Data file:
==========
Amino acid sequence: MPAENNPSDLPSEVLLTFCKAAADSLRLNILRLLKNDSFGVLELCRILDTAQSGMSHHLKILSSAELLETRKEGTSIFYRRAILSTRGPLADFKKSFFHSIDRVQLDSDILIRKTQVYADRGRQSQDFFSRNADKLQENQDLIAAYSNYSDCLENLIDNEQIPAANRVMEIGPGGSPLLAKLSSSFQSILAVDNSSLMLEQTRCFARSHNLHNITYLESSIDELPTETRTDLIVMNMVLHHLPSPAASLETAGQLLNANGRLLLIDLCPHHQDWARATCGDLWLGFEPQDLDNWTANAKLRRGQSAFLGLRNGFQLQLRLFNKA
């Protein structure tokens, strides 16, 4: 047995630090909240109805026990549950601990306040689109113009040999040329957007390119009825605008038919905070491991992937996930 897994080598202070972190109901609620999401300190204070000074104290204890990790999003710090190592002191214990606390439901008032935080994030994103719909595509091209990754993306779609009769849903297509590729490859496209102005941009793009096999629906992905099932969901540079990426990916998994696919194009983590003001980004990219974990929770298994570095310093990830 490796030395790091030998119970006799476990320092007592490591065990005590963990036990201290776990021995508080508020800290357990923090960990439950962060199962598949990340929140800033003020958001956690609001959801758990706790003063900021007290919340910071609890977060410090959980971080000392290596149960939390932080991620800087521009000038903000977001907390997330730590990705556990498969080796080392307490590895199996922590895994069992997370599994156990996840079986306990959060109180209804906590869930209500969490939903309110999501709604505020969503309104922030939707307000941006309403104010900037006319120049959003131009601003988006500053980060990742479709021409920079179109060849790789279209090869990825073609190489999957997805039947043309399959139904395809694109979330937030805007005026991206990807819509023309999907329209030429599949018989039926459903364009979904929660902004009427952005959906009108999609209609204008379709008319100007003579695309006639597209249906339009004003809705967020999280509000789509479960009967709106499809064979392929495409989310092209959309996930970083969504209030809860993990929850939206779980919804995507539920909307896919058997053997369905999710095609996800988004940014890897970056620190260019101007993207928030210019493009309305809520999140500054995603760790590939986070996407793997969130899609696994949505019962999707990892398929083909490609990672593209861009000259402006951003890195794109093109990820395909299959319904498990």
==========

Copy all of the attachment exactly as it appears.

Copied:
Amino acid sequence: MPAENNPSDLPSEVLLTFCKAAADSLRLNILRLLKNDSFGVLELCRILDTAQSGMSHHLKILSSAELLETRKEGTSIFYRRAILSTRGPLADFKKSFFHSIDRVQLDSDILIRKTQVYADRGRQSQDFFSRNADKLQENQDLIAAYSNYSDCLENLIDNEQIPAANRVMEIGPGGSPLLAKLSSSFQSILAVDNSSLMLEQTRCFARSHNLHNITYLESSIDELPTETRTDLIVMNMVLHHLPSPAASLETAGQLLNANGRLLLIDLCPHHQDWARATCGDLWLGFEPQDLDNWTANAKLRRGQSAFLGLRNGFQLQLRLFNKA
């Protein structure tokens, strides 16, 4: 047995630090909240109805026990549950601990306040689109113009040999040329957007390119009825605008038919905070491991992937996930 897994080598202070972190109901609620999401300190204070000074104290204890990790999003710090190592002191214990606390439901008032935080994030994103719909595509091209990754993306779609009769849903297509590729490859496209102005941009793009096999629906992905099932969901540079990426990916998994696919194009983590003001980004990219974990929770298994570095310093990830 490796030395790091030998119970006799476990320092007592490591065990005590963990036990201290776990021995508080508020800290357990923090960990439950962060199962598949990340929140800033003020958001956690609001959801758990706790003063900021007290919340910071609890977060410090959980971080000392290596149960939390932080991620800087521009000038903000977001907390997330730590990705556990498969080796080392307490590895199996922590895994069992997370599994156990996840079986306990959060109180209804906590869930209500969490939903309110999501709604505020969503309104922030939707307000941006309403104010900037006319120049959003131009601003988006500053980060990742479709021409920079179109060849790789279209090869990825073609190489999957997805039947043309399959139904395809694109979330937030805007005026991206990807819509023309999907329209030429599949018989039926459903364009979904929660902004009427952005959906009108999609209609204008379709008319100007003579695309006639597209249906339009004003809705967020999280509000789509479960009967709106499809064979392929495409989310092209959309996930970083969504209030809860993990929850939206779980919804995507539920909307896919058997053997369905999710095609996800988004940014890897970056620190260019101007993207928030210019493009309305809520999140500054995603760790590939986070996407793997969130899609696994949505019962999707990892398929083909490609990672593209861009000259402006951003890195794109093109990820395909299959319904498990």